Wednesday, October 26, 2016

DC TV & It's LGBT Characters

Actually inspired by a Tumblr post that came up in my timeline yesterday, I thought I'd have a bit of a look at the current LGBT characters on the DC shows in question.

1: Legends Of Tomorrow (CW/Sky1)

Sara Lance (Caity Lotz) is the best thing about this fun and chaotic show and with Rip Hunter (Arthur Darvill) currently not in the frame, the current season made the logical decision to make Sara the leader of the ragtag crew on the Waverider (with added Citizen Steel and Vixen). What I love about Sara is that the show and parent series, Arrow has never defined her character by her bisexuality but neither have they shied away from it. In four years and two connected shows, we've seen Sara in significant relationships with both Oliver Queen (Stephen Amell) and Nyssa Al Ghul (Katrina Law) as well as a near relationship with Leonard Snart (Wentworth Miller) and a couple of onscreen dalliances with the female guest stars, including a closeted 1950's nurse, the women of Salem and the Queen of France. To say Sara Lance is the best LGBT character on television might be an overstatement but she's certainly up there, that cannot be denied.

2: Arrow (CW/Sky1)

Arrow has been something of a divisive series since it's third season and the producers incessant pandering to the Olicity fanbase but between dull flashbacks and some extremely hit and miss minor and major villains, it's had some great moments. Sara's death in the third season and resurrection and departure in the fourth season could've limited Nyssa's use in the show but it seemed to have the opposite effect and instead, the show successfully fleshed out the character even more (let's pretend that marriage thing with Oliver didn't happen, yeah?). Then there was that nice little episode in the fourth season that guest starred John Constantine (Matt Ryan) but mostly importantly since last season, we've had the delightful Curtis Holt (Echo Kellum), who this season has become part of Oliver's new crew and has donned the mantle of Mr Terrific. Despite some of this show problems, Curtis is one of the best things to have happened to it and I'm glad he has a bigger role this year.

3: Gotham (FOX/Channel 5)

Let's get the elephant out of the room first of all, shall we? Back in the first season, Gotham had possibly the best gay character on this show with Detective Renee Montoya (Victoria Cartegena) and the show wasted her completely with a lifelessly dull relationship with Barbara Kean (Erin Richards) and then gave her an off screen exit where she's never been mentioned since. Then there's Barbara herself who despite being more entertaining as a sociopath than she ever was as James Gordon's (Benjamin McKenzie) fiancee feels like every regressive bisexual trope known to man. Her 'relationship' with Tabitha Galavan (Jessica Lucas) feels like it's little more than a straight guy's fantasy but it seems that while their relationship may continue to be just there in the background, things could be heating up elsewhere. Recent episodes have seen a growing closeness between rogue gallery members Oswald Cobblepot (Robin Lord Taylor) and Edward Nygma (Cory Michael Smith), especially as they now work together and it's been revealed that Oswald harbours romantic feelings for Edward. Now whether or not, Edward feels the same for Oswald is anyone's guess but it's certainly an interesting development in the series.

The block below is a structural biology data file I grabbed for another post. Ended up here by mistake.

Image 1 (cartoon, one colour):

4: Supergirl (CW/Sky1)

The first season of this wonderful show didn't exactly feature anything LGBT wise, but it certainly felt inclusive as a series. However this season, it definitely seems like things are going to change here. First of all, the third episode of the second season introduced Detective Maggie Sawyer (Floriana Lima) and let's just say, the chemistry between her and series regular, Alex Danvers (Chyler Leigh) made itself rather apparent in their first interactions. Out of all the previous established regular characters to explore their sexuality, Alex actually makes the most sense to be honest and I'm glad that it appears the show is going to go there with her and Maggie. Of course, you could also argue that the show could've gone there with Kara/Supergirl (Melissa Benoist) and Lena Luthor (Katie McGrath) but their dynamic is definitely more akin to Clark and Lex's from the first few seasons of Smallville and it's more likely that Kara will be paired with Mon El (Chris Woods) at a later time in the season, which I'm not opposed to.

5: The Flash (CW/Sky1)

Now I love The Flash to bits. It's a brilliant series, even overtaking Arrow at this point and it's certainly treated us to a slew of great characters since it's 2014 launch but on the LGBT front, it's a little bit of a mixed bag. Not so much that the characters but more that we've barely seen much of them to be honest. Look at Captain Singh (Patrick Sabongui). Aside from having a husband we've met once and being Barry and Joe's boss, he still feels rather under cooked as a character. We've had one off characters with more scope to them than Singh but on the other hand, despite only popping up in three episodes so far, the show has better utilised Hartley Rathaway/Pied Piper (Andy Mientus) and I'm hoping at some point this season we get to find out if the events of Flashpoint have changed his character for the better or worse.

Overall, the current DC television universe does seem to have a good and somewhat depiction of LGBT characters. It could be better in some places but it's still really nice to see that these shows are willing to add these characters into the mix and do significantly interesting things with them for the most part.

No comments: